United States may move that, in lieu of the disclosure of such specific classified information [ordered disclosed by the court], the court order - (A) the substitution for such classified information of a statement admitting relevant facts that the specific classified information would tend to prove; or (B) the substitution for such classified information of a summary of the specific classified information.
18 U.S.C. app. 3, § 6(c). If a court determines that "the statement or summary will provide the defendant with substantially the same ability to make his defense as would disclosure of the specific classified information," the court shall grant the United States' motion. Id. (emphasis added). See also United States v. Dumeisi, 424 F.3d 566, 578 (7th Cir. 2005) (upholding district court's approval of the substitution where the substitution provided defendant with "substantially the same ability to make his defense as would disclosure of the specific classified information"); United States v. Moussaoui, 365 F.3d 292, 313 -314 (4th Cir. 2004) ("We believe that the standard set forth in CIPA adequately conveys the fundamental purpose of a substitution: to place the defendant, as nearly as possible, in the position he would be in if the classified information (here, the depositions of the witnesses) were available to him."). This standard complies with CIPA's "fundamental purpose" of protecting and restricting "the discovery of classified information in a way that does not impair the defendant's right to a fair trial." Dumesi, 424 F.3d at 578.
III. Substitutions At Issue
The approved substitutions are set forth below.*fn1 These substitutions are in lieu of classified information that is relevant to the testimony of the Israel Security Agency witnesses.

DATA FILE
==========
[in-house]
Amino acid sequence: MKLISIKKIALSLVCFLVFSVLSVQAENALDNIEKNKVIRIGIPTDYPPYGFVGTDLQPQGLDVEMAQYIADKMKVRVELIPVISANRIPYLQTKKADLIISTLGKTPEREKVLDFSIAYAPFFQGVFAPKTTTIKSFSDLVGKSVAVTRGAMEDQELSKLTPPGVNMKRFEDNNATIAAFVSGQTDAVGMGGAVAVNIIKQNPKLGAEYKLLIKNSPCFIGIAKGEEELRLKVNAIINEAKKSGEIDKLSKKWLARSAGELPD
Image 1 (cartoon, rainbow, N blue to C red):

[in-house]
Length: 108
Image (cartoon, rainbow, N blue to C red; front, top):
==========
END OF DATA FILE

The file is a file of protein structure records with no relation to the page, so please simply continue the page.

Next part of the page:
The United States admits solely for the purposes of this trial that the following interrogation methods were authorized to be used by the Israel Security Agency ("ISA"), formerly known as the General Security Service ("GSS"), during detainee interrogations, without regard to an adult detainee's age or citizenship, during the time period of defendant Salah's detention from January 1993 through May 1993:
(a) The use of hoods, handcuffs, and shackles;
(b) The ability between interrogation sessions to handcuff a detainee behind the back either to a regular-sized chair in an interrogation room or to a regular-sized or small chair in the hallway where the detainee might also be hooded to avoid the detainee observing other detainees in the hallway;
(c) Threatening to harm a detainee or threatening to arrest family members of the detainee;
(d) Depriving the detainee of sleeping conditions by withholding access to a mattress and blankets for up to 48 hours;
(e) When the interrogator determines that the detainee is withholding information that relates to an imminent threat to human life, and with supervisory approval, slapping a detainee.
As part of defendant Salah's interrogation and for the purpose of obtaining information, including a written statement, from him between approximately February 28, 1993, and March 9, 1993, he was placed in two different prison facilities, both comprised of between ten to twenty participants with whom defendant Salah was housed (referred to as "the Birds exercise"). The United States admits solely for the purposes of this trial the following with respect to the Birds exercise:
Individuals who participated in the Salah Birds exercise were instructed by the Israel Security Agency ("ISA"), formerly known as the General Security Service ("GSS"), on how to carry out the Birds exercise. The ISA/GSS did not monitor Salah through either audio or video while he was in the Birds exercise and, thus, there was no audiotaping or videotaping of any portion of Salah's time in the Birds exercise. The participants in the Birds exercise with defendant Salah were prisoners in jail for non-violent ...